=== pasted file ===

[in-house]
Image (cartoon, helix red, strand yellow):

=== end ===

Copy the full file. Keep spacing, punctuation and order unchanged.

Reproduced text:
[in-house]
Image (cartoon, helix red, strand yellow):